RMIT has partnered with Sunrise Health Service Aboriginal Corporation, an organisation that provides leading holistic and culturally sensitive healthcare across 14 remote communities in the Northern Territory.
Under the partnership, RMIT teachers travel to Katherine to deliver intensive blocks of the Certificate IV in Alcohol and Other Drugs and Diploma of Alcohol and Other Drugs to Sunrise staff members over a year.
The partnership was established in response to Sunrise Health Service Corporation wanting to ensure their staff have the skills necessary to deal with the complexity of a client cohort that is one of the most disadvantaged in the world.
Sunrise Health Service Corporation CEO Dale Campbell said, “Sunrise likes establishing links with agencies that have a sense of social obligation.”
The program has since seen five groups of Sunrise workers undertake the Certificate IV and Diploma.
The Victorian Multicultural Commission’s Office of Multicultural Affairs and Citizenship(OMAC) has close links with RMIT’s translating and interpreting department.
Each year, OMAC determines a list of languages that require increased interpreting support to meet the needs of Australia’s changing multicultural community.
RMIT and Wurli-Wurlinjang Health Services have worked together since 2013 to provide training in alcohol and other drugs, mental health and case management for Wurli-Wurlinjang Health Services staff.
Wurli-Wurlinjang Health Services is an Australian Aboriginal community-controlled organisation that provides health services to the Katherine community and surrounding regions of the Northern Territory.
In 2016, RMIT also provided consultancy support to develop and provide a case management framework, which involved training 16 staff members. RMIT is working with the organisation to facilitate the case management framework rollout.
Yarra Community Housing (YCH) and RMIT have established an industry-led research partnership to address homelessness in Melbourne and, ultimately, help find a global solution.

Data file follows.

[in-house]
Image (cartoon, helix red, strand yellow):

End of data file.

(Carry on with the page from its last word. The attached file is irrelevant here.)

This exciting new applied research program in urban homelessness and housing assistance will involve a team composed of a Professor of Urban Homelessness and Housing, a Postdoctoral Fellow, three PhD scholarship students and a dedicated lecturing position.
The purpose of the team is to undertake translational research that will lead to better lives for people who are homeless or at risk of becoming homeless. The program is expected to commence in 2017.
Dr Anastasia Powell, RMIT lecturer in justice and legal studies and an associate member of the Centre for Applied Social Research (CASR), is working on a research partnership with Australia’s National Research Organisation for Women’s Safety (ANROWS).
ANROWS is an independent, not-for-profit company established as an initiative under Australia’s National Plan to Reduce Violence against Women and their Children 2010–2022.
Along with a multidisciplinary team of professionals, Anastasia is working on the 2017 National Community Attitudes towards Violence Against Women Survey (NCAS) project, a national survey that collects vital information about Australians’ knowledge of and attitudes and responses towards violence against women, and attitudes towards gender equality.
The NCAS is one of the key monitoring mechanisms for the National Plan to Prevent Violence Against Women and Their Children 2010–2022.
Acknowledgement of country
RMIT University acknowledges the people of the Woi wurrung and Boon wurrung language groups of the eastern Kulin Nation on whose unceded lands we conduct the business of the University. RMIT University respectfully acknowledges their Ancestors and Elders, past and present. RMIT also acknowledges the Traditional Custodians and their Ancestors of the lands and waters across Australia where we conduct our business. - Artwork created by Louisa Bloomer